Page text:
Starting January, uninsured borrowers from federally regulated lenders must have their finances “stress tested” to ensure they would be able to pay off their mortgages if rates were higher than they are today. To do that, the lender must run a test assuming rates were two percentage points higher than they are right now, and see if borrowers would be able to pay off the loan.

By the group’s estimates based on the market today, “18 per cent of mortgage borrowers who are stress tested, would fail the stress test.”
Since there’s roughly 700,000 homes sold every year in Canada, and most of them involve some sort of mortgage. That means up to 100,000 buyers would fail the new stress test and be forbidden from buying the home they want at the price they want. “Perhaps 50,000 to 60,000 per year will be able to make a different purchase, albeit one that is less attractive to them,” the group said. But “perhaps 40,000 to 50,000 per year will be entirely removed from homeownership.”

The group says it doesn’t object to the idea of a stress test in general, just that the current parameters are too rigid. Essentially, the mortgage group says running the numbers with rates that are two percentage points higher than they are today isn’t realistic or helpful..

For starters, the majority of new buyers get a five-year fixed rate mortgage, which means if they lock in now. they would be immune from rate hikes until 2022.
Currently, the average mortgage rate in Canada is 2.96 per cent, the report found.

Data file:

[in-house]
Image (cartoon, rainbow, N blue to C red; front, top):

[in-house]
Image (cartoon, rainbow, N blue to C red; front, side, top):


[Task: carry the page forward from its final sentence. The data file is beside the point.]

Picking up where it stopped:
Even assuming rates are higher when they have to renew, the current stress test rules ignore two things: On average, borrowers will have paid off 15 per cent of their principal, five years into their first mortgage, even if they do nothing more than make their monthly payments with no prepayments. Having more equity in their homes makes them better able to handle debt, even at a higher rate.The stress test rules also ignore that people generally tend to see their incomes increase over time too.

“Based on trends over the past five years, mortgage borrowers will typically have seen their incomes rise by 10 per cent” by the time they renew, the group says.A better level for the stress test, the group says, would be testing borrowers’ finances at an interest rate that’s three-quarters of a percentage point higher, not two.

“Using the posted mortgage interest rate today in mortgage stress tests is excessively stringent, and will unnecessarily impair the housing market and therefore the broader economy,” the report found.”And it will unnecessarily [and therefore unfairly] prevent large numbers of Canadians from achieving their reasonable housing goals.”